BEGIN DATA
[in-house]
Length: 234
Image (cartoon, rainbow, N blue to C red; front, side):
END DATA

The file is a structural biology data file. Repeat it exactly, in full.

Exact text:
[in-house]
Length: 234
Image (cartoon, rainbow, N blue to C red; front, side):